• If the chiefs had possessed information now accessible to us, they might not have made " the great refusal," but with only the intelligence which they possessed they could not have followed their audacious prince to the south.

  • Pichegru's campaigns of 1794 are marked by traits of an audacious genius which would not have disgraced Napoleon.

  • The Afghans, inured to bloodshed from childhood, are familiar with death, and audacious in attack, but easily discouraged by failure; excessively turbulent and unsubmissive to law or discipline; apparently frank and affable in manner, especially when they hope to gain some object, but capable of the grossest brutality when that hope ceases.

  • In 1199 one of his lieutenants, named Bakhtiyar, advanced into Bengal, and expelled by an audacious stratagem the last Hindu raja of Nadia.

  • But that audacious exploratory energy which formed the motive force of the Renaissance as distinguished from the Revival of Learning took, as we shall see, very different directions in the several nations who now were sending the flower of their youth to study at the feet of Italian rhetoricians.

  • By an audacious fraud that represented him as an enemy, and Polk as a friend of protection, Clay lost the vote of Pennsylvania; and he lost the vote of New York by his own letter abating the force of his previous opposition to the annexation of Texas.

  • Zwingli, who details these articles, as he says, that the world may see that they are "fanatical, stolid, audacious, impious," can scarcely be acquitted of unfairness in joining together two of them, - the fourth and fifth, - thus making the article treat "of the avoiding of abominable pastors in the church" (Super devitatione abominabilium pastorum in Ecclesia), though there is nothing about pastors in the fourth article, and nothing about abominations in the fifth, and though in a marginal note he himself explains that the first two copies that were sent him read as he does, but the other copies make two articles, as in fact they evidently are.

  • If it is daringly realistic, it is no less audacious in its idealism.

  • He asserted that the fortifications of Paris were directed against liberty, not against foreign invasion, and he stigmatized the law of regency (1842) as an audacious usurpation.

  • At dawn this regiment found itself isolated but in possession of the fort, and the open gorges of the row of forts tempted the audacious commander to strike out right and left along the ridge.

  • At the same time he wrote a life of St Remigius, in which he endeavoured by audacious falsifications to prove the supremacy of the church of Reims over the other churches.

  • The lack of any central principle or common interest was shown in the divided counsels and sporadic action of the mutineers and their allies, which made them an easy prey to the solid and audacious British forces.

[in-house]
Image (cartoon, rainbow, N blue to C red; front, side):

• The view, however, to which he gave audacious expression, that moral regulation is something alien to the natural man, and imposed on him from without, seems to have been very current in the polite society of his time, as we learn both from Berkeley's Alciphron and from Butler's more famous sermons.

  • Burnet wisely refused to accept a benefice in the disturbed state of church affairs, but he wrote an audacious letter to Archbishop Sharp asking him to take measures to restore peace.

  • I was stunned to think Howie would be so audacious.

  • audacious bids were made for your wallet last week.

  • audacious debut that preceded it.

  • audacious attempt to portray an ordinary man dealing with extraordinary emotions.

  • audacious chip on the run with his left peg.

  • audacious move.

  • audacious sneak attack at Pearl Harbor, Hawaii.

  • Kate will be having words with the Poll Gremlins before we try something so audacious again.

  • In a typically audacious action, Rampage struck at a Gold convoy passing Planet New London.

  • Perhaps the very idea was too audacious to succeed?

  • The feature-length ' Tale of the Fox ', Starewicz ' best-known work, is a technically audacious, gleefully wicked medieval animal fable.

  • Rather, our prayers can be confident, daring, even audacious.

  • I have never been stung myself but some of the sh*t they try and pull on you is truly audacious.

  • I particularly loved the fact that she appropriated the voices of men when she felt like it - that seemed wonderfully audacious somehow.

  • The feature-length ' Tale of the Fox ', Starewicz ' best-known work, is a technically audacious, gleefully wicked medieval animal fable.

  • Glyndwr's Way In the early 15th Century, Owain Glyndwr led an audacious, but ultimately ill-fated rebellion against English rule.

  • insouciant way, it has audacious things to say about the difference between meritocracy and mediocrity.

  • Laced with audacious wit and pithy humor, Bunny Girl is romantic, funny and full of Joan Conway's brilliant one-liners.

  • Instead it proved a springboard for an audacious attempt to heist the match from England, mooted no doubt during tea.

  • It would have been well if Kossuth had had something more of Gdrgei's calculated ruthlessness, for, as has been truly said, the revolutionary power he had seized could only be held by revolutionary means; but he was by nature soft-hearted and always merciful; though often audacious, he lacked decision in dealing with men.